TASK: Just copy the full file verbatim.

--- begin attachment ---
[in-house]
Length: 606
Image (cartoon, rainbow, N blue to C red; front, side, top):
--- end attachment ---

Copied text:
[in-house]
Length: 606
Image (cartoon, rainbow, N blue to C red; front, side, top):